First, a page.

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Tuesday, June 8, 1999 Published at 00:32 GMT 01:32 UK

World: Europe

Yugoslavs return to Kosovo talks

No deal yet on when western troops will go in

Hopes are rising that a peace deal for Kosovo is nearing completion after frantic diplomatic activity on Monday.

Kosovo: Special Report
A session of the United Nations Security Council has been called in anticipation of a draft resolution being agreed to end the war in Kosovo.

Foreign ministers from the G8 group of nations, which includes Russia, are said to be narrowing their differences on the draft text, but agreement is not expected until Tuesday.

The BBC's Brian Hanrahan: "Its been a test of nerve for Nato and they've held it"
In Yugoslavia, a government minister, Goran Matic, also struck an optimistic note, saying a deal could be signed as early as Tuesday.

Throughout Monday, hopes for the peace settlement have first faded then appeared in reach again.

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The foreign ministers met as Moscow sided with Serbia over who was to blame for the breakdown of the peace talks at Kumanovo in the Former Yugoslav Republic of Macedonia.

The Kumanovo talks ended with Nato accusing Serbia of trying to negotiate the terms of their retreat from Kosovo, and Serbia accusing Nato of trying to add new conditions to the deal.

Nato said Serbia wanted to keep thousands of troops inside Kosovo - a move which the alliance said would not give refugees the confidence to return home.

Jamie Shea: "An agreement without implementation is not an agreement"
As hopes for significant progress diminished, Nato spokesman Jamie Shea said the door remained open for further peace talks with Yugoslav generals, but not for negotiations.

Late on Monday night talks resumed between the Yugoslav military delegation and Nato representatives in Kumanovo, according to the Itar-Tass agency. Informal 'liaison' talks had continued earlier in the day.

In Bonn, the G8 foreign ministers met, aiming to thrash out the text of a draft resolution to be put before the UN Security Council.

The BBC's John Simpson: I think Milosevic's aim is to try and win back some self respect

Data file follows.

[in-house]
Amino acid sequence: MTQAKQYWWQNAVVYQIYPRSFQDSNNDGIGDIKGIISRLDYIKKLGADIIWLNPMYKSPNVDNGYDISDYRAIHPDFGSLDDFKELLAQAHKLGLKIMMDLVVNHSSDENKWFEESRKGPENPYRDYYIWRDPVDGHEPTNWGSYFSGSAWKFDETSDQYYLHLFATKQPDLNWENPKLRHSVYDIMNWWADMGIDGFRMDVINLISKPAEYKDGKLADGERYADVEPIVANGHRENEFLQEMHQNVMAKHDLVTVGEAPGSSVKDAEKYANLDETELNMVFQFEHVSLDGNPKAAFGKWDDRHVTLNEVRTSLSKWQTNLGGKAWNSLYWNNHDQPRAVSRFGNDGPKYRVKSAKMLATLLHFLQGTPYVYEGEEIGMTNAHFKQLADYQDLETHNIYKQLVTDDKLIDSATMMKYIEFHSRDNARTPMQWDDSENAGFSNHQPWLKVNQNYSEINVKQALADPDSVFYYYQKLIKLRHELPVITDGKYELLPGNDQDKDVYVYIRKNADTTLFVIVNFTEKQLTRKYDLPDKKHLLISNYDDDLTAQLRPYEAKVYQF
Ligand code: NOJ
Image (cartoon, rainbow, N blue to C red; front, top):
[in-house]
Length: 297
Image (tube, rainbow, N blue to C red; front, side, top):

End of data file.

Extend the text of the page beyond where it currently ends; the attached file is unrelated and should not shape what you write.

The talks were adjourned on Monday evening to allow the Russian delegation time to consult with Moscow.

As the talks continued, Washington was granted its request for a Security Council meeting in anticipation of an agreement, but it was thought unlikely the session would take place without a draft document.

Russian anger

Before the G8 meetings on Monday the Russian Foreign Minister, Igor Ivanov, said Nato was trying to dictate the peace deal.

He said: "Nato is trying to unilaterally say that an international peacemaking force will be based on Nato forces, and have the right to use force.

The BBC's Ben Brown: "Each day that passes without a final peace deal is another day of misery"
"This is the UN Security Council's prerogative and we, the G8 foreign ministers, have come specifically for working out the future Security Council resolution."

He said Nato had raised "the levels of its demands" during the weekend talks at Kumanovo, in Macedonia.

Yugoslavia's Foreign Ministry spokesman, Nebojsa Vujovic, also blamed Nato for the deadlock.

He told Tanjug, the Yugoslav state news agency: "The host delegation tried to include points which would violate the principles of the 10-point political document."

The BBC's John Simpson: I think Milosevic's aim is to try and win back some self respect
The Yugoslav authorities have so far insisted they will not agree to withdraw from Kosovo without a UN Security Council resolution, and that their priority is to defend their territorial integrity.

(Click here to see a map of forces on the ground)

The main areas of dispute were reported to be over the timing of the proposed withdrawal and how many some Serbian forces would be allowed to stay in Kosovo.

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UK Foreign Secretary Robin Cook said the Kosovo peace talks stalled because Yugoslav military commanders insisted on maintaining a contingent of up to 15,000 Serb troops in the province.

He told the BBC: "There can be no suggestion of us slipping in compromises or accepting any retreat from the document they agreed to last week.

"They agreed to the withdrawal of all forces. We want them to proceed now with the withdrawal of all forces."

(Click here to see a map of last night's Nato strikes)

The BBC's George Eykyn says lower level talks have resumed
When the Kumanovo talks failed, Nato commander General Sir Michael Jackson warned air strikes would intensify until Serbia agreed to the peace deal.

Nato military spokesman Maj Gen Jertz added the battle assessments since the failure in Kumanovo indicated Serb forces had suffered "heavy losses" in Kosovo.

Strikes were scaled down after President Slobodan Milosevic said he would accept the joint Western-Russian plan.

US B-52s targeted Yugoslav armed forces near the Morina border crossing from Kosovo into Albania.

Tanjug reported 100 explosions across Kosovo, with intense missile strikes in Pristina, Pec and about 30 other targets.

Kursumlija in Serbia was also hit and bombs smashed television and radio relay towers in the centre of the country.

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